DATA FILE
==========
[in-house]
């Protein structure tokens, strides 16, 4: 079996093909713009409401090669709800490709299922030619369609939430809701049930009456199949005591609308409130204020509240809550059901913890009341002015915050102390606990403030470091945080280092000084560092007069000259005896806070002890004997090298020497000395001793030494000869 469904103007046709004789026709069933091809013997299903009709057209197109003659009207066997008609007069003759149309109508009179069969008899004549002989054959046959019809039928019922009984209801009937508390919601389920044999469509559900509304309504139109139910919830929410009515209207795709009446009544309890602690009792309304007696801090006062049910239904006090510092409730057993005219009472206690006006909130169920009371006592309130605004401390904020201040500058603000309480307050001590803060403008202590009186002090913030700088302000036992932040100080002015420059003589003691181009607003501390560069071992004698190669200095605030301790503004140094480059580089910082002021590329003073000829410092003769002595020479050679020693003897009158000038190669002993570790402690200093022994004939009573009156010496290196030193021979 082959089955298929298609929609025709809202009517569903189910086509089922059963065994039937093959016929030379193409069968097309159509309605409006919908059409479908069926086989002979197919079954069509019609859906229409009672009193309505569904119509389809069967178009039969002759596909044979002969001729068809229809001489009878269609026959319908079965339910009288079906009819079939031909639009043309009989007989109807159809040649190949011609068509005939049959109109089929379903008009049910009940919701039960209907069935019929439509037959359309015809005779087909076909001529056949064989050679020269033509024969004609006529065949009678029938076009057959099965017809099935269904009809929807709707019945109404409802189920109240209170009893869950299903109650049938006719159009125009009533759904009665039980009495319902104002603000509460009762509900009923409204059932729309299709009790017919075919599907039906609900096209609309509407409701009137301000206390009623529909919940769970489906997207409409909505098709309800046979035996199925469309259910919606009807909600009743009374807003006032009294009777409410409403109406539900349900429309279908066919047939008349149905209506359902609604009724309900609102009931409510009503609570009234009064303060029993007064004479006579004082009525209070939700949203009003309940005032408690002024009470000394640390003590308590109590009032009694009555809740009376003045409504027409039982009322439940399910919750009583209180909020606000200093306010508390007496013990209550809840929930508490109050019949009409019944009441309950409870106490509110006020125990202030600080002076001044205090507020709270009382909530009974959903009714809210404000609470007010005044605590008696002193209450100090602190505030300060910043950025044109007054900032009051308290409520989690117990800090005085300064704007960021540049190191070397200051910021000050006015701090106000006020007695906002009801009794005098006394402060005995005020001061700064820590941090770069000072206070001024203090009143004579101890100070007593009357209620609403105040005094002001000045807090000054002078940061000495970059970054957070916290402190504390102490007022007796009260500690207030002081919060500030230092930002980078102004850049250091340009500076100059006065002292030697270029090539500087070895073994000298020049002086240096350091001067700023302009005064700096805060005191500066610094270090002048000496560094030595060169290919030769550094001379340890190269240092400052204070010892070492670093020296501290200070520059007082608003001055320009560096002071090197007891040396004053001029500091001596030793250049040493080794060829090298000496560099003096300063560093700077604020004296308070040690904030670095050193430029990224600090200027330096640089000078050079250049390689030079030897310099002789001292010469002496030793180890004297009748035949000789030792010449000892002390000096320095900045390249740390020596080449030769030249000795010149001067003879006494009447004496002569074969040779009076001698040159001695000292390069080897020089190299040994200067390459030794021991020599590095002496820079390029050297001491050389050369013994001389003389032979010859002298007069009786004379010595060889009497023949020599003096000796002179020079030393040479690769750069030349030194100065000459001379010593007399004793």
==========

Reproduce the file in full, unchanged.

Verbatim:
[in-house]
């Protein structure tokens, strides 16, 4: 079996093909713009409401090669709800490709299922030619369609939430809701049930009456199949005591609308409130204020509240809550059901913890009341002015915050102390606990403030470091945080280092000084560092007069000259005896806070002890004997090298020497000395001793030494000869 469904103007046709004789026709069933091809013997299903009709057209197109003659009207066997008609007069003759149309109508009179069969008899004549002989054959046959019809039928019922009984209801009937508390919601389920044999469509559900509304309504139109139910919830929410009515209207795709009446009544309890602690009792309304007696801090006062049910239904006090510092409730057993005219009472206690006006909130169920009371006592309130605004401390904020201040500058603000309480307050001590803060403008202590009186002090913030700088302000036992932040100080002015420059003589003691181009607003501390560069071992004698190669200095605030301790503004140094480059580089910082002021590329003073000829410092003769002595020479050679020693003897009158000038190669002993570790402690200093022994004939009573009156010496290196030193021979 082959089955298929298609929609025709809202009517569903189910086509089922059963065994039937093959016929030379193409069968097309159509309605409006919908059409479908069926086989002979197919079954069509019609859906229409009672009193309505569904119509389809069967178009039969002759596909044979002969001729068809229809001489009878269609026959319908079965339910009288079906009819079939031909639009043309009989007989109807159809040649190949011609068509005939049959109109089929379903008009049910009940919701039960209907069935019929439509037959359309015809005779087909076909001529056949064989050679020269033509024969004609006529065949009678029938076009057959099965017809099935269904009809929807709707019945109404409802189920109240209170009893869950299903109650049938006719159009125009009533759904009665039980009495319902104002603000509460009762509900009923409204059932729309299709009790017919075919599907039906609900096209609309509407409701009137301000206390009623529909919940769970489906997207409409909505098709309800046979035996199925469309259910919606009807909600009743009374807003006032009294009777409410409403109406539900349900429309279908066919047939008349149905209506359902609604009724309900609102009931409510009503609570009234009064303060029993007064004479006579004082009525209070939700949203009003309940005032408690002024009470000394640390003590308590109590009032009694009555809740009376003045409504027409039982009322439940399910919750009583209180909020606000200093306010508390007496013990209550809840929930508490109050019949009409019944009441309950409870106490509110006020125990202030600080002076001044205090507020709270009382909530009974959903009714809210404000609470007010005044605590008696002193209450100090602190505030300060910043950025044109007054900032009051308290409520989690117990800090005085300064704007960021540049190191070397200051910021000050006015701090106000006020007695906002009801009794005098006394402060005995005020001061700064820590941090770069000072206070001024203090009143004579101890100070007593009357209620609403105040005094002001000045807090000054002078940061000495970059970054957070916290402190504390102490007022007796009260500690207030002081919060500030230092930002980078102004850049250091340009500076100059006065002292030697270029090539500087070895073994000298020049002086240096350091001067700023302009005064700096805060005191500066610094270090002048000496560094030595060169290919030769550094001379340890190269240092400052204070010892070492670093020296501290200070520059007082608003001055320009560096002071090197007891040396004053001029500091001596030793250049040493080794060829090298000496560099003096300063560093700077604020004296308070040690904030670095050193430029990224600090200027330096640089000078050079250049390689030079030897310099002789001292010469002496030793180890004297009748035949000789030792010449000892002390000096320095900045390249740390020596080449030769030249000795010149001067003879006494009447004496002569074969040779009076001698040159001695000292390069080897020089190299040994200067390459030794021991020599590095002496820079390029050297001491050389050369013994001389003389032979010859002298007069009786004379010595060889009497023949020599003096000796002179020079030393040479690769750069030349030194100065000459001379010593007399004793």